Simon Taylor: For us, our core values are legitimately what makes a great HYCU. The three core values, we call it Better with Age, Authenticity, Grit, and Empathy. Just to take a second to tell you about those, Alejandro. I think authenticity is just being who you are. I’m a unique person; you’re a unique person. I don’t want to have to sit here and have a conversation where we both act like somebody else. Let’s be real.
Alejandro: Right. Yeah.
Simon Taylor: That’s sort of basic, but we’ve got to do it. The second is, in a startup environment, we’re always, for a long time, going to be a startup; no matter how much money we raise, we need the grit. We need folks who are fighters, who are going to come on board and are going to dig in and do the work and be passionate about it. I think that’s really important. And the last one – I have to say again, going back to IE Business School, I formed some of these ideas at IE. The idea of empathic leadership is so important, and really putting yourself in other people’s shoes. I think there’s so much emphasis these days on being the smartest guy in the room or the smartest lady in the room. But, at the end of the day, that doesn’t get you anywhere. You’re not going to help your customers, you’re not going to help your employees, and you’re not going to help your partners if you sit around saying, “We know everything. We know best.” It’s much better to put yourself in someone else’s shoes and spend every moment of the day trying to learn – trying to learn how to understand their challenges and then go about trying to fix them. I think if we can hold onto those three core values and make sure we drive them into everything that we do, then we’ll be really successful.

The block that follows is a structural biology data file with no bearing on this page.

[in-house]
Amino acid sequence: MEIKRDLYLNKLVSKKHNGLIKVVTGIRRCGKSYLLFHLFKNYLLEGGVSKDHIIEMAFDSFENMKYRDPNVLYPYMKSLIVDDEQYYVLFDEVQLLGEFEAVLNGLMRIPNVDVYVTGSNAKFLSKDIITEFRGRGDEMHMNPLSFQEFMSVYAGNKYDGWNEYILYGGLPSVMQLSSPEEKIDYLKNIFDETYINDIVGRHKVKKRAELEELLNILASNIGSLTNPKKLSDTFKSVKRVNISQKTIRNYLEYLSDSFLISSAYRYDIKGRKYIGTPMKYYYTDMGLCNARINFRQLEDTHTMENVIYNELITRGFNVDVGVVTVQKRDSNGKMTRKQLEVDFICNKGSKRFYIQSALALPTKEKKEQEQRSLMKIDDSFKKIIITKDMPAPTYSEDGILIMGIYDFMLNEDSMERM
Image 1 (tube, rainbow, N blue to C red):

Alejandro: I love that. Now, let me tell you this – it’s typically a question that I ask the guests that come on the show. If I put you in a time machine, and I put you back in time, let’s say in 2018, when you’re thinking about HYCU, the idea, and launching a business around it. If you could go back in time and give your younger Simon one piece of advice before launching the business, and why, given what you know now, what would that be?
Simon Taylor: Can I give two?
Alejandro: Go for it.
Simon Taylor: From a tactical perspective, Simon, do not ever use perpetual licenses. Go right to subscription because it’s going to be a complete waste of time. Everybody wants to buy a subscription. That was a complete waste. At a higher level, I think the important thing to do would be to tell my younger self that it’s really important to embrace some level of balance because what I’ve realized in the last couple of years is that when you’re creating a startup, it is an all-consuming task. It takes every ounce of your strength, every ounce of your mental energy. Probably, when I started, I believed that in order to get the best out of myself, I had to work 24 hours a day, 7 days a week, 365 days a year. The risk with that is you’re not always going to be able to bring your best self to the game. It’s important that you actually do take those moments to go running, get some exercise in, think about the completeness of your own life. Now that I’ve started to do that more and added some balance back into the equation, I find that I actually make better decisions, and I think the company is happier and healthier for it.
Alejandro: I love it. I think that having that balance definitely contributes to being productive. If you don’t sleep well, you’re going to end up with depression or whatever that is. I think there are people like the founder of Reddit, Alexis Ohanian, that is talking about hustle-born and how people should stop thinking about and having that mindset. I’m glad that you touched on that, Simon. For the people that are listening, that want to reach out and want to say hi to you, what would be the best way for them to do so?
Simon Taylor: You can find me on Twitter at #simonHYCU or go to www.HCCU.com.
Alejandro: Amazing. Simon, thank you so much for being on the DealMakers show today.
Simon Taylor: It was such a pleasure, Alejandro. Thank you for having me.